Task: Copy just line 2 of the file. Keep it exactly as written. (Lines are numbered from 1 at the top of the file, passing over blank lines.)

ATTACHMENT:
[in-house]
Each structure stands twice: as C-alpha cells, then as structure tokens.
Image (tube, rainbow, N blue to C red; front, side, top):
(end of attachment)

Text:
Each structure stands twice: as C-alpha cells, then as structure tokens.